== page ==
It is widely thought that education should aim at positive epistemic standings, like knowledge, insight, and understanding. In this paper, we argue that, surprisingly, in pursuit of this aim, it is sometimes necessary to also cultivate ignorance. We examine several types of case. First, in various circumstances educators should present students with defeaters for their knowledge, so that they come to lack knowledge, at least temporarily. Second, there is the phenomenon of ‘scaffolding’ in education, which we note might sometimes involve the educator quite properly ensuring that the student is ignorant of certain kinds of information. Third, if ignorance is lack of true belief, as a number of commentators have claimed, then in those cases in which students believe something truly without knowing it and teachers show that they lack knowledge, students may abandon that belief and thus become ignorant. In examining the role of ignorance in education, we explore exactly which kinds of ignorance are valuable in teaching situations and draw attention to important epistemic differences between ignorance on different levels.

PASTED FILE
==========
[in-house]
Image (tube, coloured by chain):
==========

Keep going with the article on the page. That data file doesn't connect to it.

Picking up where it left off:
|Number of pages||15|
|Early online date||23 Jan 2020|
|Publication status||E-pub ahead of print - 23 Jan 2020|
- epistemic ends